We took part in the best debate yet at The Bell, as the house put forward the motion that a secular society should not prevent people acting on their religious beliefs.
Table Talks’ host Emma B laid the foundations for a lively discussion, reminding us that the UK has undergone secularisation, fewer of us go to church and there appears to be a lack of support for religious liberal values while fundamentalism recently lead to the fatal attack on Drummer Lee Rigby on the streets of London.
The panel featured the writer and filmmaker Gita Sahgal, who is also Executive Director of the Centre for Secular Space. Gita said, “The point about a secular society is it allows people to live together…You should be able to hold any lunatic belief you wish to hold, however if you act on that lunatic belief, you have to be stopped.”
Father Michael, the Priest of the Catholic Church of Christ the King in nearby Burwash, argued that society should be allowed to practice its religion. “I agree we don’t need religion to be good, and I agree with the notion about fundamentalism…But, if you analyse the secular states that we’ve had in the last 100 years – Communist, Fascist….” well, a far better option for Father Michael is a pluralist society whose people are allowed to practice their religions all the while respecting one another.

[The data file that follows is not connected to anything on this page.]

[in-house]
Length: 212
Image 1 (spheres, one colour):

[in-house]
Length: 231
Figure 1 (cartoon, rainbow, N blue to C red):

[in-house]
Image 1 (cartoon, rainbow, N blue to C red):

“The great thing about religion, said the comedian Joy Carter, “is that it’s a glue that holds society together…I was bullied and what kept me going was my faith.’’ Joy lost her family to war in Africa and was adopted by missionaries.
The broadcaster James Whale delighted in clashing with his fellow panelists and said, “To be in tune with Mother Nature and the environment, like the religion of the red Indians, is the ideal religion.”
Gita Sahgal won the audience’s approval with her passionate intellect, “The point about a secular society is that no-one is trying to take your religion away from you…religion flourishes in secular societies, it is also limited in secular societies where it does harm.’
After tonight’s lively debate, the motion was carried: a secular society should not prevent people acting on their religious beliefs.
The bell may have tolled, but heated conversations continued into the night…in our multicultural society we are often encouraged to hide our religion – this week the Girl Guides scrapped the allegiance to God that hitherto formed part of their oath. In today’s multicultural society are we going too far in our effort to be all inclusive and avoid inflaming tensions?